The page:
During the Victorian era, ladies visiting the public beach couldn’t simply wade out into the water and enjoy an invigorating swim. To protect their modesty, most ladies on a seaside holiday utilized a bathing machine. Though the name puts one in mind of a mechanized device, a bathing machine was really nothing more than a wooden dressing room set up on two wheels. The interior was usually equipped with both an entry and an exit door, and generally featured benches on either side, and hooks on the walls.
A bather would enter the machine fully clothed, at which point—while the occupant changed into her bathing costume—the machine was hitched to a horse and drawn out into the sea. The bather could then descend through the exit door directly down into the water. To further protect a lady’s privacy, most exit doors were equipped with a canvas awning or umbrella to shield the lady from view until she was submerged beneath the waves.
The process of changing clothes within a bathing machine was not without difficulty. Victorian cartoons abound of bathers being jostled about as their machine is hauled into the water. The 1865 publication All About Margate and Herne Bay describes the experience of a party of Victorian bathers on holiday:
We, after a time, find ourselves in possession of a machine with a blue door and a very wet carpet inside, and feel ourselves insulted by having two towels handed to us which are no larger than sheets of blotting-paper. Just as we are about to remonstrate, the jolting box begins to move, and we are sent bumping about from side to side like a weaver’s shuttle. It is worse than riding in a hay-cart, and impresses us with the belief that we are being sifted like cinders.”
Bathing machines were also known to serve another purpose. During the holiday rush, when visitors to the seaside far outnumbered the available hotel rooms and houses to let, some enterprising bathing machine proprietors took to renting their machines out as rooms for single gentlemen. According to an 1868 edition of Punch:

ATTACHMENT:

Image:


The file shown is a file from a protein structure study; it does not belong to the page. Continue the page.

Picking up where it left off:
“Tradition states that on more than one occasion, when the rush for rooms has been excessive, these amphibious vehicles have been let out as sleeping apartments.”
Victorian era bathing machines were available for both sexes. The men’s machines were generally situated on the opposite end of the beach from the women’s, sometimes as much as a quarter of a mile away. This was to prevent men and women from bathing together. Mixed bathing—also known as promiscuous bathing—was prohibited at most public beaches.
Though bathing machines may seem like an antiquated idea today, I feel they still hold some small appeal. How many of us who are shy or self-conscious in our swimsuits wouldn’t prefer such a manner of getting into the water? Then again, if we were wearing the requisite knee-length woolen tunic and Turkish trousers which made up a mid-Victorian bathing costume, I don’t suppose there would be much to be self-conscious about.
This article originally appeared on MiMiMatthews.comand is reprinted here with permission.
header photo credit: Women bathing in the sea near their bathing machines. Wood engraving by J. Leech. (Wellcome Images)
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Mimi Matthews is the author of The Pug Who Bit Napoleon: Animal Tales of the 18th and 19th Centuries and A Victorian Lady’s Guide to Fashion and Beauty. Her articles on nineteenth-century history have been published on various academic and history sites, including the Victorian Web and the Journal of Victorian Culture. When not writing historical non-fiction, Mimi authors exquisitely proper historical romance novels. Her latest Victorian romance The Matrimonial Advertisement can be ordered at Amazon and Barnes & Noble. To learn more, please visit www.MimiMatthews.com.